Wednesday, April 22, 2009

Artists wanted for public art

Attend a talk on applying for public art projects

Express Staff Writer

The Blaine County Historical Museum was a public art project done by valley artist Ralph Harris. Photo by David N. Seelig

Interested in creating work for permanent public exhibition, but don't know how? Attend the free workshop "How to Apply for a Public Art Project." Mark Johnstone, regional arts advisor for the Idaho Commission on the Arts, will give the presentation on Thursday, April 23, at 6:30 p.m. at Hailey City Hall. It is sponsored by the Wood River Arts Alliance.

"Most people in the area have never done this before, and the process is new to them," Johnstone said. "I will talk about how to prepare a strong application, how projects are selected and what to expect if you get awarded a commission."

Johnstone has been involved in public art since 1987, when he was exhibitions curator and vice president for Security Pacific Bank at its headquarters in Los Angeles. He was administrator of the public art program for Los Angeles in the late 1990s and is chairman of the Hailey Arts Commission.

"Most artists are used to working in their studios by themselves, and it's a solitary process until they exhibit their work and interact with a gallery and the public," Johnstone said. "A public art project involves working with others, members of a team, architects and city personnel. Artists need to know how to collaborate."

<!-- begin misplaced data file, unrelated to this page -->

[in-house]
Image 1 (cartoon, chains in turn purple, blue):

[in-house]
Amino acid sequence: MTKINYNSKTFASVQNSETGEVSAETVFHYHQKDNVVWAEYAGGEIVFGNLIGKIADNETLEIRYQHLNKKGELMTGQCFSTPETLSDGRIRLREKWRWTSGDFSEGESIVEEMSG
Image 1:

Murals, such as Ralph Harris' on the side of the Blaine County Historical Museum, are the most identifiable public art projects. Other projects in Idaho have included Allison Sky's "River Sculpture," a mixed-media piece in front of the Grove Hotel in Boise.

"Hailey is planning to commission a mural for City Hall and welcoming art work for the fringes of the city," Johnstone said. "It's not just a talk. I will have PowerPoint presentations and handouts for everyone."

Johnstone said the city of Hailey anticipates making a call for artists to all Blaine County residents, which includes anyone from Carey to Stanley.

"Experienced artists should not be scared off by the process," Johnstone said. "The talk is meant to explain the process and invite artists to participate."

For details, call 578-7720.

Sabina Dana Plasse:

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